For those of you who’ve deprived yourselves of the thrill that is Pokemon Go, here’s all you need to play the game: Pokemon (the little cute animals) and pokeballs (the little things that catch ’em). In cities, the Pokemon themselves show up all over the place. As for the pokeballs, you get a few for free when the game starts, but after that you need to visit a pokestop in order to re-up. But all pokestops are not located equally.

I’ve been playing the game for about a week now, and I noticed several screenshots from other players’ illustrated neighborhoods with considerably more pokestops than my own (I live solidly working class neighborhood of color in Los Angeles). I started a hashtag, #mypokehood, on Twitter to crowdsource some information about what pokestops looked like in different places.

Here’s some of what I’ve found:

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Pokemon Go racially preferences some areas more than others. It turns out Niantic, which makes Pokemon Go, relied on a map from a previous augmented reality game called Ingress, which was crowd-sourced from its mostly male, tech-savvy players. The result is a high concentration of pokestops in commercial and downtown areas of some cities, while there are typically fewer pokestops in non-white or residential areas, if there are any at all.

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Parks are filled with pokemon and pokestops — but that doesn’t help in neighborhoods of color that lack green space. It seems that public parks in cities are designated pokestops, regardless of the neighborhood’s racial makeup. But as Grist has previously pointed out, parks tend to be concentrated in whiter, wealthier neighborhoods.

Black players have reasonable concerns. Back when Ingress players were mapping out the landmarks we now use to play Pokemon Go, black players were targeted by police. According to @typhoonjim, who played Ingress, a “black opponent received thorough grilling” by cops when mapping out spaces in Baltimore — and he reports hearing of similar accounts in other cities. Omari Akil explains that, as a black Pokemon player, he fears that circling neighborhoods while playing the game could even mean death.

Muslim, Arab, and South Asian players might be considered a national threat when out catching Pikachu. What is considered suspicious behavior? According to Homeland Security, someone who loiters or takes “unusual, repeated, and/or prolonged observation of a building,” may be engaging in a “terrorism-related crime.” The problem is, playing Pokemon Go requires this exact kind of behavior — and whether or not it’s deemed suspicious might depend on someone’s religion or ethnicity.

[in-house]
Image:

Native American players living in reservations have fewer options. Because pokestops are concentrated in cities, rural players everywhere have trouble. But for Native Americans who live in reservations, it’s even tougher. Majerle Lister, who lives in the Navajo Nation, two hours outside of Flagstaff, says his friends, who want to play the game, haven’t found any pokestops. Angel White Eyes, who lives in Pine Ridge, said that there are a few pokestops there, but they’re a serious trek away.

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The game doesn’t serve disabled people. It doesn’t matter that a pokestop is just a few doors away if you can’t leave the house. Pokemon Go players have to move around in order to hatch Pokemon eggs, catch new kinds of Pokemon, and fight in gyms. None of that works very well for disabled players, children stuck in hospital beds during a long-term stay, and others who aren’t guaranteed accessible sidewalks and transportation.

There’s no way to submit new pokestops. Niantic originally allowed Ingress players to submit potential locations using pretty straightforward criteria, as noted by @Charkitect  — but that’s been shut down, at least for now. It’s too bad we can’t add to the map and start shaping the world of the game to better match the world its players live in.

Pokemon Go illustrates systemic inequities. The tech-savvy, mostly male Ingress players who built this map didn’t just happen to end up where they did: A neighborhood’s tax base determines how good the local public schools are. Because white people earn more money on average, their kids get to go to better public schools. Those kids who have better backgrounds in science, technology, engineering, and mathematics are better suited to help games like Ingress create maps. Now, they’ve got a leg up on the most popular smartphone game on the planet — and they’re safer when they play it. That’s how systemic inequity works: It influences every facet of life, even in augmented reality.

Moving forward, there are some quick fixes for Pokemon Go, like adding pokestops at all bus stops — but that will only help part of the problem. It’s going to take a lot creativity, as well as a lot of patience, to fix augmented reality, starting with real reality.